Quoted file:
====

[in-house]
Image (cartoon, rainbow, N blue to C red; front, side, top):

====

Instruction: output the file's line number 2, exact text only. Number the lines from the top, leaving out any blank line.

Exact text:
Image (cartoon, rainbow, N blue to C red; front, side, top):